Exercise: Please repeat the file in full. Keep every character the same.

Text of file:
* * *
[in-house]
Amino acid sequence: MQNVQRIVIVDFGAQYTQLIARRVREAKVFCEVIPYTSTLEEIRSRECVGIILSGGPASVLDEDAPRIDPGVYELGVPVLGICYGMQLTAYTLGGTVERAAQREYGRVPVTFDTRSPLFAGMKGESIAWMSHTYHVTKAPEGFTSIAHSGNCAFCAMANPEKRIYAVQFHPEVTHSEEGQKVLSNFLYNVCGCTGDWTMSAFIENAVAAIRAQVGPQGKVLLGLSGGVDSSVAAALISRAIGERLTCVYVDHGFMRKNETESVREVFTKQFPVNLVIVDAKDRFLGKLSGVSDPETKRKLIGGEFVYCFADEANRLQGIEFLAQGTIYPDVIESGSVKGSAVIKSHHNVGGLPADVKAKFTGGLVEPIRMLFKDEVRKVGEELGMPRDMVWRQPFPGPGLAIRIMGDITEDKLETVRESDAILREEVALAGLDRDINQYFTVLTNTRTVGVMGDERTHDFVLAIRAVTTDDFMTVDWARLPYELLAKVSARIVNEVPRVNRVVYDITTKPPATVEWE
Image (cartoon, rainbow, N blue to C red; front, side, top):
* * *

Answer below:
[in-house]
Amino acid sequence: MQNVQRIVIVDFGAQYTQLIARRVREAKVFCEVIPYTSTLEEIRSRECVGIILSGGPASVLDEDAPRIDPGVYELGVPVLGICYGMQLTAYTLGGTVERAAQREYGRVPVTFDTRSPLFAGMKGESIAWMSHTYHVTKAPEGFTSIAHSGNCAFCAMANPEKRIYAVQFHPEVTHSEEGQKVLSNFLYNVCGCTGDWTMSAFIENAVAAIRAQVGPQGKVLLGLSGGVDSSVAAALISRAIGERLTCVYVDHGFMRKNETESVREVFTKQFPVNLVIVDAKDRFLGKLSGVSDPETKRKLIGGEFVYCFADEANRLQGIEFLAQGTIYPDVIESGSVKGSAVIKSHHNVGGLPADVKAKFTGGLVEPIRMLFKDEVRKVGEELGMPRDMVWRQPFPGPGLAIRIMGDITEDKLETVRESDAILREEVALAGLDRDINQYFTVLTNTRTVGVMGDERTHDFVLAIRAVTTDDFMTVDWARLPYELLAKVSARIVNEVPRVNRVVYDITTKPPATVEWE
Image (cartoon, rainbow, N blue to C red; front, side, top):